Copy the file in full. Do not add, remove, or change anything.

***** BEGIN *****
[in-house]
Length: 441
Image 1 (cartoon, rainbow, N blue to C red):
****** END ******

[in-house]
Length: 441
Image 1 (cartoon, rainbow, N blue to C red):